‘Poor judgement’ does not entail waving the Nazi flag

High school band director Charles Grissom has repeatedly apologized for an act of poor judgment on his part. Yet, he should be fired as it was clearly more than just a matter of “poor judgment.”

Grissom is the director for the Paris High School marching band, the “Blue Blazes,” in Dallas, which performed at the halftime show for a football game Friday. The game also coincided with the weekend that the Jewish holiday Rosh Hashanah commenced. This made the theme to the show, “Visions of World War II,” in which the flags and national anthems of Britain, France, Japan, the United States and Nazi Germany were presented, even more unfitting was the waving of the Nazi flag.

For a high school band director to choose to display the fascist regime in the setting of a football game alone is pretty absurd, but the fact that it was taking place on the religious holiday for a group that was oppressed and persecuted most is blatantly inappropriate.

One band member traversed the football field carrying the Nazi flag while the Third Reich’s anthem, “Deutschland Über Alles,” was played, which translates into “Germany over everything in the world.”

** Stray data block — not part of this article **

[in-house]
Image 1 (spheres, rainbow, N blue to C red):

According to the Associated Press, there was an announcement prior to the start of the show that explained the band was trying to do a “historical, accurate depiction of the event.” Nevertheless, the crowd was so disturbed by the performance that they threw things at the band and booed them off the field.

Regional director for the Anti-Defamation League, Mark Briskman, told AP that his organization received a flood of phone calls in response to the shock-value and insensitivity of the performance.

Grissom said to The Dallas Morning News, “We had an error in judgment … our intent was never to cause anyone harm.” That may be the understatement of the year when considering that the band has been working on the piece since the beginning of August with the intention of performing it at the University Interscholastic League contest Oct. 15. Didn’t it occur to anybody in the months that it took to plan the event that it might be a bad idea?

In the future, Grissom should look at not only what his performances are symbolizing, but if the content is controversial enough to offend people.

That is, if he still has a job.